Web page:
The charity is often in the form of food – rice, date, barley, fruits and such others. Most people won’t look at the religion of the receiver. The food is given away to those who really need it so that they can be happy during the festival time. This is referred to as Sadaqah al-Fitr. It is also called Sadaqah and Zakat in some places.
It’s an opportunity to cleanse the mind and body as well. This is the sacred month, and so, Muslims are expected to feel the inner peace that comes from spiritual devotion.
Islamic Prayers on Eid al-Fitr
Those who follow Islam are required to offer their prayers to Allah several times a day. These prayers are called Salats. A salat, in turn, is composed of a repeating unit or cycle known as a rakat. However there are some special prayers on Eid al-Fitr. In Muslim prayers, there are usually two units or Rakats. During Eid al-Fitr, the prayers are often held in a large hall or open field, to accommodate many more people, because everybody wants to pray together on this special day. Islam recommends its followers to pray in Jama’at’s or congregation. There are six additional Takbirs – these are declarations of faith. During the Takbir, Muslims would hold their hands close to the ears and say “Allāhu Akbar” or “Allah is Great”.
The Hanafi school of Sunni Islam asks followers to hold three of these Takbirs at the start of the Raka’ah, and the other three just before the second Raka’ah. But there are some Sunni Muslims who will even have up to twelve of these Takbirs. Seven of them are at the beginning, and the other five before the second Raka’ah.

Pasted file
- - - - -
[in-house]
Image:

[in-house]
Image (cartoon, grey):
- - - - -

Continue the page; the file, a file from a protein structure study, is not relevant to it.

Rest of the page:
Eid Al-Fitr Brings Ramadan to an End
Eid al-Fitr is held to break the fasting cycle of Ramadan. Friends and family would have food together. They would greet and hug each other and exchange pleasantries. Eid al-Fitr is usually held over three days, starting on the first day of Shawwal, which is the tenth month in the Islamic lunar calendar. Muslim countries the world over usually declare an official holiday for these three days.
The first day of the festival is usually held on Thursday, but that can change by a day either way, depending on the new moon sighting. The day would also be different from one country to another. Most countries of course celebrate Eid al-Fitr on the days it is held in Saudi Arabia. Muslims the world over would wait for an announcement from Mecca on the exact days of Eid al-Fitr. Of course, the highest religious body of a country will also announce the date when the moon is sighted. Do also keep in mind that the dates are different because Islam follows the lunar calendar with fewer days than the solar calendar. There are 11 days less here.
Eid al-Fitr Customs in India and Other Countries
Eid al-Fitr is a religious occasion. But it is a happy occasion as well. Muslims would decorate their homes and light them up. They would visit friends with sweets, food and other gifts. Kids receive gifts too. These gifts are called Eidi. There is no fasting on the days of Eid al-Fitr. In fact, iftar parties are held everywhere. Muslims would wear new clothes. Interestingly, no special prayers are held on that day.